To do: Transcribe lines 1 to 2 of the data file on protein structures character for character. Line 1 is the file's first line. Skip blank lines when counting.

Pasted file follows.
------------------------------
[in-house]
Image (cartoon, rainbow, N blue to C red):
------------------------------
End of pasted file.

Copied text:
[in-house]
Image (cartoon, rainbow, N blue to C red):